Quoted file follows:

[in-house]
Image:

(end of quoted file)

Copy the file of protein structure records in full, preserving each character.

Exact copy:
[in-house]
Image: